Digital Beard Stroking: Pokemon Go Ahead And Charge My Card

Pokemon Go Ahead And Charge My Card


I hear there’s a Charizard up here

Amid all the talk of Pokemon Go lately, it seems obvious that I should find some sort of topic so I can latch onto the coattails of the phenomenon.  While I already discussed the notion of teams and tribes last time (which definitely is in play here as people have developed almost completely irrational preferences for their stated “team”, despite there being no in-game community, no significant difference between player demographics and no actual difference between the team whatsoever), there’s more to this game than just “running around, catching pokemon”.

First off, let’s look at the fundamental components of the game:  Your goal, as a pokemon trainer, is to “catch ‘em all”.  Well, catch 150 of the 722 that exist (Well, catch whichever of the 150 of them that are in the game.  Even from the beginning, you’re setting out on an impossible task).  The method by which you achieve this goal is to wander around in the real world (using your GPS) and, upon achieving whatever undisclosed-yet-intensely-speculated coordinates, swipe your screen to throw a pokeball at the discovered pokemon and, if successful, capture it.   As you develop an extensive collection, you can send extras back in exchange for “candy” that is used to evolve your pokemon into new, more powerful forms.  Also, there are locations marked as PokeStops where one can replenish some of the supplies in the game (or get assaulted, depending on the relative safety of the actual geographic location of these stops).  In addition to finding the pokemon themselves, you also find eggs which are hatched by walking so many kilometers.  Lastly, there are gyms, which are similar to stops, but are the only actual multiplayer aspect of the game, as you can leave pokemon to guard them or fight the pokemon that are currently guarding it to claim it for your team.  Alright, now that I’ve outlined the basic concept of the game, let’s look at some of the interesting psychological, ethical and economic implications of it.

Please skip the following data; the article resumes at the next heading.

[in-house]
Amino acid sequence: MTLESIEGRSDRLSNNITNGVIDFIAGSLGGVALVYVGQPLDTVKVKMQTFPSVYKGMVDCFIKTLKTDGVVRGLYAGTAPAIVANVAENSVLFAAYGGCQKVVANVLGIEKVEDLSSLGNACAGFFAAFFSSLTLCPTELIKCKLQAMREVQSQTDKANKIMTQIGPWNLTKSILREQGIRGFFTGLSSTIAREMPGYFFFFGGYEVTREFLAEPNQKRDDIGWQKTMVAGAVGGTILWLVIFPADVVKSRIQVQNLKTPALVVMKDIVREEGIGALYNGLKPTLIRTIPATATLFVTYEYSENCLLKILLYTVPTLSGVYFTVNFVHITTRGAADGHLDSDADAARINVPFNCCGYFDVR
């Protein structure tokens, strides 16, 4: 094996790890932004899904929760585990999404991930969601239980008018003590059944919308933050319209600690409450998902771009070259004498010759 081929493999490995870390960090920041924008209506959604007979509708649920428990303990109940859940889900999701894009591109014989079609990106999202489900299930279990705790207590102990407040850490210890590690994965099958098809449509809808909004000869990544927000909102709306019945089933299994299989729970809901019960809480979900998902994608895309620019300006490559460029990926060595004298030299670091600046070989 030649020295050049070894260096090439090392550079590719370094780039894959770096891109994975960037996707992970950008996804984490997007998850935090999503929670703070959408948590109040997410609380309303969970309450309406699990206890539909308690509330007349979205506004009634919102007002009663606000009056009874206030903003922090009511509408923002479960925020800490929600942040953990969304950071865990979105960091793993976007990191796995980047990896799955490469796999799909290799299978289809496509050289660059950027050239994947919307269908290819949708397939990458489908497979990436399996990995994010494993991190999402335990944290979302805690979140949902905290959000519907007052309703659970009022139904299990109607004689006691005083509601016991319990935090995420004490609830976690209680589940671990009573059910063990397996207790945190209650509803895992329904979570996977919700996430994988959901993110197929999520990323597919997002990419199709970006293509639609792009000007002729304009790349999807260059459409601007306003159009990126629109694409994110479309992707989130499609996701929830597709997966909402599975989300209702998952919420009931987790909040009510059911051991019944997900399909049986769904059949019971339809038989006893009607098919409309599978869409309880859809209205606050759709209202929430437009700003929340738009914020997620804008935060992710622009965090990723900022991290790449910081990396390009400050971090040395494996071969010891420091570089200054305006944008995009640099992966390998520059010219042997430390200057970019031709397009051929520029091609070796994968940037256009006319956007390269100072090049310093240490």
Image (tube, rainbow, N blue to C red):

The game rests upon extremely simple mechanics.  The menu system is sparse, the help screens terse at best and even the catching/fighting systems are greatly simplified when compared to any other pokemon instance.  This game is clearly not concerned with the deep strategy or story of those games, either.  Once we start to scrape off the thin veneer of pokemon flavor over the top of the game, it’s true underlying “game” is revealed:  The game exists as moving around the real world, performing simple screen-swipe based gestures that consume your in-game items.  Those items are available in the world, but scarce.  It’s extremely easy to replenish them, for real dollars, if you don’t want to walk a lot or wait for them to refill.  This is the model of the “Freemium” game that has become so popular lately.  Make a game free so that your player base is extensive.  Make a method available to users that allows them to reduce the time it takes to reach milestones and goals by spending small amounts of money.  Rake in crazy amounts of money from a “Free” game, while still not directly sticking it to free players.  Pokemon Go seems to have achieved this, so far, without major strain (it helps that it’s basically the company’s previous successful GPS-based game with a layer of Pokemon over the top of it).  They were not the first to invent it, or even perfect it, however. Early attempts at monetizing customization and creating a market for post-purchase income were panned by fans and I’m going to skip to when they started to find their balance point (this means I’ll be omitting all references to certain Microsoft game consoles named after certain Euclidian planar conventions).  One of the best examples of a successful model is Team Fortress 2.